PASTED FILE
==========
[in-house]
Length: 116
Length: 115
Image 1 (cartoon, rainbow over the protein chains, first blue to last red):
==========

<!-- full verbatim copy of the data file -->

[in-house]
Length: 116
Length: 115
Image 1 (cartoon, rainbow over the protein chains, first blue to last red):